The question arose the other day as to whether or not someone can take public-domain photos, use them in an original piece pf art, and then copyright that art piece in the creator's name.
It's an interesting situation with an answer every bit as intriguing. But, first, let me preface this with a statement of fact: "Now, I'm no scientist or medical doctor." Nor, for that matter, an attorney.
However, with that out of the way, my understanding—and the only one that makes sense here—is that you can use copyright-free images anyway you like, which you already know. Toward that end, if you manipulate, combine, or otherwise morph those images into a finished product that's completely different from the copyright-free imagery with which you began, you can copyright your finished creation so that it can't be appropriated legally without your permission.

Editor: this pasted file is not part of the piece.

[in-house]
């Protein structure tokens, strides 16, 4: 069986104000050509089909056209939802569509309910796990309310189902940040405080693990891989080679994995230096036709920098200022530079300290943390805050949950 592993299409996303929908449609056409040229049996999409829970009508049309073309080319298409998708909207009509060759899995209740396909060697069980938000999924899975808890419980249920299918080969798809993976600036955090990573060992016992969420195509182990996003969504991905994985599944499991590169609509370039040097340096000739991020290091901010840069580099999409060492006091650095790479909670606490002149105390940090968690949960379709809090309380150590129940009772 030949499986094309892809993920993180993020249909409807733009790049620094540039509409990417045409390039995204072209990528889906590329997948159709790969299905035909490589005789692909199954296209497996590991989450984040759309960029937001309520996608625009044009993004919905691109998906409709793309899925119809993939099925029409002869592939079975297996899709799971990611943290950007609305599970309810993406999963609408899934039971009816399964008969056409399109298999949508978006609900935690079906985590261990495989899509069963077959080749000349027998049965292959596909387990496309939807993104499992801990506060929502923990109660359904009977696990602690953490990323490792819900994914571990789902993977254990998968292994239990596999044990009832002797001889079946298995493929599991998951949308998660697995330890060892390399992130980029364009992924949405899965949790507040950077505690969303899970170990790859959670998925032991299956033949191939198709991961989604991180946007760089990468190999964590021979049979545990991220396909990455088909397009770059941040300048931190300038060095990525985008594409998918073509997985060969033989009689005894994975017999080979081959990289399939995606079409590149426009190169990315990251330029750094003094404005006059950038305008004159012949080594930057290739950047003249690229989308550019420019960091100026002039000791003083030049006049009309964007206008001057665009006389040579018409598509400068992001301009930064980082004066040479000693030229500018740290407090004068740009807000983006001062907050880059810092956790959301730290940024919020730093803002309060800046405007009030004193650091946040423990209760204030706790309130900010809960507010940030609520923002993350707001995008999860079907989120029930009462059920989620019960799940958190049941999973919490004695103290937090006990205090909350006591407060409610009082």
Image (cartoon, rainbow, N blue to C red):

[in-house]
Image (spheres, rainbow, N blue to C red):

Think of a photomontage. That's a group of two or more separate photographs joined in some fashion into a single work of art through manipulation of one type or another, often via soft edges, overlapping, multiple exposures, warping the imagery, etc. Although the individual images may be copyright free (and, therefore, nothing you can copyright), if you create a brand new multi-image or manipulated-image creation from those original images, you're entitled to copyright your new work. It's unique, it's exclusively yours, and it can't be used by anyone else for commercial purposes without your authorization. The original public-domain photos would remain in the public domain, of course. You can't assume ownership of them. But you can assume ownership of your original, new creation based upon them. Read More